On March 3, 1959, eleven prisoners at the Hola Detention camp in River Tana area, lost their lives under mysterious circumstances in the hands of the British colonial government.
The British government covered the deaths (said to have been brutal murders) of the detainees by selling the propaganda that they succumbed to drinking dirty water.
Enoch Powell, a British Labour MP, and his party, pushed to get to the truth of what happened at Hola.
Deeper inquest into the matter proved that the detainees were murdered in cold blood.
Wambugu wa Kigotho, a survivor of the ordeal, who was in the camp at the time of the massacre, narrated that on that day, guards, apparently on orders from the camp commandant, clubbed to death 11 of the prisoners.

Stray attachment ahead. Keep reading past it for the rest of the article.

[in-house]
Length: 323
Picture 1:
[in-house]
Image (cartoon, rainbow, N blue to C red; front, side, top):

Wambugu also noted that the detainees were killed by blows from blunt objects to the back of the head on that fateful day.
Speaking to the Nation on how he cheated death, Wambugu noted that despite being 85, he still hears the screams of the men as they were being beaten by police.
The issue sparked sharp reactions in the house of commons over the reduction of support to the colonial government in Kenya.
This also marked a major turning point for British colonial policy.
A monument has since been built in present-day Hola GK Prison in memory of the 11 men killed during the massacre.
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